Journal of Hospital Infection 90 (2015) 12e14 Available online at www.sciencedirect.com
Journal of Hospital Infection journal homepage: www.elsevierhealth.com/journals/jhin
Mandatory public reporting of healthcare-associated infections in developed countries: how can developing countries follow? M. Biswal*, A. Mewara, S.B. Appannanavar, N. Taneja Postgraduate Institute of Medical Education and Research, Chandigarh, India
A R T I C L E
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Article history: Received 13 May 2013 Accepted 21 December 2014 Available online 7 January 2015 Keywords: Public reporting Mandatory Healthcare-associated infections India
S U M M A R Y
The threat posed by increased transmission of drug-resistant pathogens within healthcare settings and from healthcare settings to the community is very real and alarming. Although the developed world has taken strong steps to curb this menace, there has been little pressure on developing countries to take any corrective action. If the reporting of alarming rates of healthcare-associated infections (HCAIs) from hospitals in India and many other developing countries was made mandatory, it would help to force stakeholders (e.g. healthcare workers, legislators, administrators and policy makers in hospitals) to acknowledge and tackle the problem. This would introduce quality control in a long neglected area of health care, and enable patient empowerment which is practically nonexistent in India. Healthcare institutions should commit towards enforcing ‘zero tolerance’ towards lapses in prevention of HCAIs. Public pressure would force the Indian Government to acknowledge the problem, and to allocate more funds to improve resources and infrastructure; this could substantially elevate the standard of health care given to the average Indian. Despite the numerous challenges, overall public benchmarking of HCAIs is a commendable goal that would go a long way towards tackling this menace in developing countries such as India. ª 2015 The Healthcare Infection Society. Published by Elsevier Ltd. All rights reserved.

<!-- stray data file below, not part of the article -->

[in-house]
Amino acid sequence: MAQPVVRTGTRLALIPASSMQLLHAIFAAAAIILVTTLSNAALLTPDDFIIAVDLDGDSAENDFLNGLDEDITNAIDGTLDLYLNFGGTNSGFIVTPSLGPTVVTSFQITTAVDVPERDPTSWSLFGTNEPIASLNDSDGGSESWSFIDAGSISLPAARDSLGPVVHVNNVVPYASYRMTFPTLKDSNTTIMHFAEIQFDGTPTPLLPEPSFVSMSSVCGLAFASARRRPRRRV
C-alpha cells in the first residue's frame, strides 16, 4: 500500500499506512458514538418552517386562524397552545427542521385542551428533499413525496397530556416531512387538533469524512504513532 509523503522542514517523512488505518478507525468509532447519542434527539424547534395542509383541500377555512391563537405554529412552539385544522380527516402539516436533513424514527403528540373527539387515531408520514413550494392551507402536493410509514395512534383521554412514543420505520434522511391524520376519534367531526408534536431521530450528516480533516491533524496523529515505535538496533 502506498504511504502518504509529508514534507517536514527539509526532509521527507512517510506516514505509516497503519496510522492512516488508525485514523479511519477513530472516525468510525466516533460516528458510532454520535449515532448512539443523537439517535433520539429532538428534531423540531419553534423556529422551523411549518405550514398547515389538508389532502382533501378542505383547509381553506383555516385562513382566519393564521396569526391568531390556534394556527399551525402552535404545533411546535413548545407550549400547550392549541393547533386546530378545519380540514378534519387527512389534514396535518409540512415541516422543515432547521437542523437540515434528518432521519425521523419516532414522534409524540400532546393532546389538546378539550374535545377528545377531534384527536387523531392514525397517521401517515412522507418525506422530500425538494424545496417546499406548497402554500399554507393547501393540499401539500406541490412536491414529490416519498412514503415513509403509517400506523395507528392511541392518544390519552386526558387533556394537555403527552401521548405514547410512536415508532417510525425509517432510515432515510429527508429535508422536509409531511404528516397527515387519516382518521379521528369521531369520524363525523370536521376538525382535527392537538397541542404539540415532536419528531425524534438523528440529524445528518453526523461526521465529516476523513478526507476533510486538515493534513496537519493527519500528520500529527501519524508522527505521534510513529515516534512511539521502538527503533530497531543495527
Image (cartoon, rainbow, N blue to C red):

Healthcare-associated infections (HCAIs) are a huge public health problem all over the world, but particularly in the developing world. The developed world has woken up to this threat, and many countries have taken the commendable positive step of introducing laws to monitor and control HCAIs. In the UK, mandatory reporting of meticillin-resistant Staphylococcus aureus (MRSA) bacteraemias for National Health Service (NHS) hospitals was introduced in 2001 after considerable media and public interest about this so-called * Corresponding author. Address: Department of Medical Microbiology, PGIMER, Chandigarh 160012, India. Tel.: þ91 1722755151, þ91 9463307825; fax: þ91 1722744401. E-mail address: [email protected]
‘superbug’.1 In 2004, the mandatory reporting scheme was extended to Clostridium difficile diarrhoea, followed by meticillin-susceptible S. aureus bacteraemias in January 2011, and E. coli bacteraemias six months later, despite the fact that a smaller proportion of the latter are healthcare associated.2,3 Recently, in France, a legal framework has been drawn up to implement antibiotic stewardship in hospitals and mandatory disclosure of the same to the public.4 In the USA, both the public and legislators are demanding legislation in every state for hospitals to publicize HCAI rates.5 Some US health maintenance organizations no longer reimburse costs relating to HCAIs, such as ventilator-associated pneumonia, on the grounds that such HCAIs are preventable.6 In France, there was a substantial reduction in C. difficile infections after the
http://dx.doi.org/10.1016/j.jhin.2014.12.011 0195-6701/ª 2015 The Healthcare Infection Society. Published by Elsevier Ltd. All rights reserved.